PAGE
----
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The Rev. Kevin Waters helps Gonzaga University music major Joe Hooper fine-tune an original composition.
The Rev. Kevin Waters helps Gonzaga University music major Joe Hooper fine-tune an original composition.

Composed career: Gonzaga professor Kevin Waters shares his story

Three out of four U.S. adults expect to continue working past retirement age, according to a Gallup poll.

Thirty-five percent anticipate postponing retirement out of necessity. But 40 percent predict they’ll continue working by choice, at least part time.

Kevin Waters is firmly in the “by choice” camp.

The octogenarian academic – who answers to “Father Waters,” “professor Waters” or simply “Kevin” – began teaching 56 years ago. Since then, he’s been a professor, administrator and composer-in-residence, with more than two dozen published compositions to his credit.

Waters’ current workload at Gonzaga University includes classes in composition, orchestration, opera and philosophy.

During a recent interview, he discussed qualities that distinguish the best educators, and why he chooses to continue teaching.

S-R: Where did you grow up?

Waters: In Seattle.

S-R: What were your interests as a youngster?

Waters: I was always passionate about music. I started piano studies in the first grade, and continued through elementary and secondary school.

S-R: Any other activities outside of school?

Waters: We had a small farm, and I loved gardening. I was particularly interested in the variety of irises and roses coming out right after the Second World War. The peach rose was something I was very eager to develop.

S-R: What career did you envision for yourself back then?

Waters: I imagined working as an organist and church musician before I decided to enter the Society of Jesus.

S-R: When did you make that decision?

Waters: In 1951, when I was a high school senior.

S-R: Did you have a mentor?

Waters: I attended high school at Seattle Prep, and certainly some of the Jesuits there were mentors.

S-R: What did you do before joining Gonzaga University in 1983 as music professor and dean of the College of Arts and Sciences?

Waters: I began teaching at an all-boys Jesuit high school in Yakima in 1958. I taught French, Latin, English, drama, religion – just about everything. After I was ordained, I earned a doctorate in composition and taught music at Seattle University.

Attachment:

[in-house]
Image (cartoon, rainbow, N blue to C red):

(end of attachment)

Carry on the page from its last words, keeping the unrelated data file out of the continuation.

S-R: How has technology affected education during your career?

Waters: I think it’s had an enormously positive impact, particularly in the courses I teach. For example, when I was studying composition, everything was handwritten. When you transcribed final copies, you used India ink on vellum, and if you made a mistake, you had to get a razor blade and cut out the mistake. Everything is computerized today. It’s very much like word processing.

S-R: Does that make for better music?

Waters: No, I wouldn’t say that. In fact, I think it has a lot of problems associated with it, because students sometimes pay more attention to how something looks rather than how it sounds. So I make them handwrite it before they put it into a computer.

S-R: What do they think of that?

Waters: There’s resistance.

S-R: What insights have you gained about teaching during the past 56 years?

Waters: On my tests, I often include the bonus question, “What have you learned in this course that you didn’t know before?” I think when students reflect on what they have learned, it sticks with them more. And that’s very important.

S-R: Could you have retired at 65?

Waters: I could have.

S-R: Why do you still work at 80?

Waters: I love teaching – I’ve never found it burdensome or boring. And, fortunately, I have good health.

S-R: What do you like most about your job?

Waters: Meeting the younger generation over and over again. It never repeats itself. And as I tell my students, if you’re bored with life, then you’re doing something wrong, and you have to look for things that interest you.

S-R: What do you like least?

Waters: When a student is not doing well and, for whatever reason, I can’t make a difference for them. If they fail, I feel I’ve failed.

S-R: How do today’s students compare with those you encountered when you arrived at Gonzaga 31 years ago?

Waters: Students today are exposed to far more things than they were in 1983. So you might say there was a greater innocence or naïveté back then. But I wouldn’t necessarily say students today are wiser.

S-R: Any favorite student comments?

Waters: Recently one of my students said, “I’m really stoked by this course.” That could mean any number of things, but I took it as a positive reaction.

S-R: What sort of person is best suited for an academic career?

Waters: Someone who’s more interested in their students’ success than their own. If that’s your attitude, you’ll be successful.

S-R: How do you organize your day?

Waters: Jesuits say a prayer at the end of the day called the Examen, where we praise God for all the things that went well, take responsibility and ask forgiveness for the things that didn’t go well, and then plan for the next day – what we hope to achieve.

S-R: What are your goals?

Waters: To continue composing. My hero is Elliott Carter, who was composing and performing right up to shortly before he died two years ago at age 103.

S-R: What have you learned about life so far?

Waters: People are basically good. If they go wrong, it’s usually because of overbearing circumstances in their lives, or they felt people didn’t care about them.

S-R: How do you relax?

Waters: I swim almost every day.

If you know of someone who would make an interesting Front and Center profile, contact freelance writer Michael Guilfoil via email at mguilfoil@comcast.net.

 

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